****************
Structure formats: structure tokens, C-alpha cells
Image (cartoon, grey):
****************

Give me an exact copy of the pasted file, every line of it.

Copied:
Structure formats: structure tokens, C-alpha cells
Image (cartoon, grey):